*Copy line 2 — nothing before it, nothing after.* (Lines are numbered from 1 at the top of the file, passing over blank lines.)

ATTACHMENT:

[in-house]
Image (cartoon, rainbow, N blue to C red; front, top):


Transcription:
Image (cartoon, rainbow, N blue to C red; front, top):